Norman Macleod, Kt., C.J.
1. The plaintiff sued to recover on a mortgage bond dated the 6th of August 1910 Rs. 99-l5-0 principal and interest at 12 per cent from the date of the mortgage to the date of suit. The mortgage is as follows:
I took from you to-day Rs. 99-15-0 to pay Mulchand Jeth; bhai. This is without interest, in consideration of this the property of my ownership situated at Wafagaon is mortgaged. The property thus described is mortgaged to you and delivered into your possession. According to the terms I shall pay the amount without interest within one year and shall take back the mortgaged property-my lands-into my possession. The profits of the said land should be enjoyed in lieu of interest. If the amount is not repaid within the stipulated time, the profits should be enjoyed in lieu of interest according to the aforesaid agreement. If the money be demanded after the expiry of the stipulated period and if I be unable to pa> the same the rupees without interest should be realized by the sale of the mortgaged property. If the amount realized is not sufficient, I shall be personally liable for the balance.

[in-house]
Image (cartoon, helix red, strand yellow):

2. The plaintiff never got possession of the property under the terms of the mortgage. The property who sold by the first defendant on the 13th of April 1915 to the 2nd defendant. The trial Court passed a decree for the sum claimed with further interest at 12 per cent, per annum from date of suit to date of decree on the principal sum with costs of suit against the 2nd defendant. It was also decreed that if the defendant 2 did not pay the amount decreed into Court within six months, the property should be sold. On the question of interest the learned Judge said; 'It is not shown, nor is it defendant 2's case, that the plaintiff', the mortgagee, had ever been in the enjoyment of the mortgaged land though the mortgage deed is possessory in form. As the mortgagor has been in actual possession and the mortgage is merely possessory in form only, plaintiff is entitled to charge interest on the principal sum at a reasonable rate and the rate of 12 per cent, per annum claimed by him is fair.' In appeal this decree was altered substituting the amount of Rupees 99-15-0 for Rupees 188-15-0, by deleting the direction to pay future interest at 12 per cent, per annum from date of suit to date of decree, by deleting the direction to pay future interest on the principal from date of decree to date of payment and by directing that the costs in the lower Court should be borne in proportion to the success and failure as between respondent and appellant. The learned Judge said that the case appeared to be on all fours with Mahadoji v. Joti I.L.R. (1892) Bom. 425 and it was the fault of the mortgagee himself if he took no steps to recover possession of the mortgaged property. The terms clearly showed that the mortgaged property was a security only for the amount borrowed and not fur interest, that the mortgagee was to have possession and enjoyment of the profits of the mortgaged property, in lieu of interest which was not made payable otherwise, that the amount advanced was recoverable after one year by sale of the property.